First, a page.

Property owners besieged by plane noise deserve tax break
May 14, 2014 | 5259 views | 0 0 comments | 116 116 recommendations | email to a friend | print
Dear Editor:

I am writing to urge residents affected by jet noise from new flight patterns at LaGuardia and JFK airports to seek property-tax exemptions from New York City to compensate for reduced property values. You should contact your local elected representatives to demand an exemption if your property is affected.

NYC is the landlord for both airports and has leases under which NYC takes in more money as airport traffic increases. In 2013, NYC took in $128 million in rent ($98 million from JFK and almost $30 million from LaGuardia). Meanwhile, NYC is raising property taxes on residential properties without regard to declines in value.

Real Estate Appraisal, a professional journal, estimates residential property values decline 15 to 30 percent when residential properties are suddenly affected by new jet noise. Property Shark reports that property values in Fort Hamilton, Brooklyn, declined 19 percent in the last year.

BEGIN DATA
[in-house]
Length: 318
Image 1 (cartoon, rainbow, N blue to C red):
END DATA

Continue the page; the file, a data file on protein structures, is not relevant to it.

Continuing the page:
As a former resident of the Fort Hamilton area, I believe the explanation is new noise from jets headed to LaGuardia. I now live in Bayside, Queens, and know of a number of properties on the market that have not sold because of new noise from LaGuardia.

NYC is responsible for how its lands are used. NYC is making money from the decline in residential property values. If you are an owner you are affected directly because your resale value is lower; if you rent your landlord will pass tax increases on to you.

I urge you to contact your City Council members, state representatives and others to seek compensation for your damage.


Peter Rutledge


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